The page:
The landmark settlement between General Motors and its unions on Thursday highlights the need for old-line companies to drastically pare costs to compete with non-unionized competitors. The key element of the deal is that GM can remove from its balance sheet the value of its future retiree health benefits, historically a big source of concern for GM and other automakers, as well as other traditional manufacturing companies that are desperately trying to compete in the increasingly global marketplace.
GM estimates its future health-care costs for retirees to be $50 billion. The proposed deal reportedly calls for GM to shift the liability to a trust, called a voluntary employees’ beneficiary association, or VEBA. GM would contribute as much as $35 billion to the trust, or about 70 percent of its estimated future retiree costs.
The balance is supposed to come from investment gains made over the 80-year life of the trust, The New York Times reported. However, the carmaker won’t be required to stash cash in the trust immediately, so it is unclear how the VEBA will be financed. A spokesman for GM declined to comment further about details concerning the VEBA structure and its funding.
VEBAs became popular after a 2003 tax court ruling made the trusts more viable. The ruling, in response to a dispute brought by Wells Fargo & Co., eases the annual funding restriction on companies setting up new trusts, allowing employers to contribute large lump-sum amounts for current retirees and take the full tax deduction.
That’s important for companies looking to reinforce their balance sheets, especially in light of an accounting change issued last year. As CFO.com reported in September 2006, the Financial Accounting Standards Board issued FAS 158, which required companies to record the funded status of retirement plans on their balance sheets. Included in that reported number are interest-rate effects, an ever-changing risk that some companies view as especially burdensome.
The prospect of booking the obligation and its attendant interest-rate risk sent some companies with less-than-stellar balance sheets scrambling for ways to unload the liability. VEBAs are one solution. The VEBA bears the financial risk associated with managing the plan and its assets. The union manages the trust, and the assets grow tax-free and are untaxed when used to pay benefits, according to the Detroit News.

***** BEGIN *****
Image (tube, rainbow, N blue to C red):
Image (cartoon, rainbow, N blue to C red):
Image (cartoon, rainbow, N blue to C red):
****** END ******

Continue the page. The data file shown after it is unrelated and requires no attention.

In July, two companies announced the formation of new VEBA trusts for non-pension health benefits. In one deal, Dana Corp., the bankrupt auto-parts maker, said two of its largest unions, the United Steel Workers and the United Auto Workers, agreed to replace the company’s health-care and long-term disability obligations for union retirees and employees with a VEBA. Under the arrangement Dana will contribute $700 million in cash and $80 million in common stock of the reorganized Dana to the trust. In exchange, the unions will allow Dana to terminate its obligation to provide union workers with non-pension retiree benefits and long-term employee disability benefits.
In the other deal, Goodyear Tire & Rubber said it would transfer all non-pension retiree health-care benefits from its balance sheet in exchange for a $1 billion lump-sum payment into a VEBA, from which future benefits payments will be made.
When Goodyear announced the creation of its VEBA, rating agency Moody’s Investors Service noted that the transaction would have a positive effect on the “qualitative factors” that are used to calculate credit ratings, meaning that by removing the liabilities from its balance sheet, Goodyear helped to bolster its credit score.
The non-pension healthcare benefits being segregated into VEBAs at Goodyear and Dana are also referred to as “other post-retirement employee benefits” (OPEBs). In a July report on OPEBs, Moody’s named other companies that may be in a position to negotiate a similar deal with their unions: Ford, General Motors, Chrysler, AMR, UAL, Delta, Qwest, Alcatel, Lucent Technologies, Eastman Kodak, and Consol Energy. All the companies cited by the report currently have OPEB obligations that exceed $1 billion and represent more than 5 percent of the company’s total assets.
“Only a ‘small group’ of companies will be in a position to reach agreement with their unions,” added Wesley Smyth, Moody’s senior accounting analyst, explaining that the 5 percent mark is important because it indicates that OPEB obligations are a significant issue for the company. If that’s the case, unions may be more willing to negotiate a lump-sum payment with a company. Striking such a deal might be better than running the risk of “drastic reductions of OPEB benefits if the companies’ financial profile were to deteriorate further,” according to the report.
Roughly one-third of large companies have VEBAs that hold OPEB, as well as pension benefits, noted The Wall Street Journal. They include heavily unionized companies such as Ford, Conagra Foods, Duke Energy, and Texas Instruments.